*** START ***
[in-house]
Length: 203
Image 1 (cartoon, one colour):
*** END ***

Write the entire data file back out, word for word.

[in-house]
Length: 203
Image 1 (cartoon, one colour):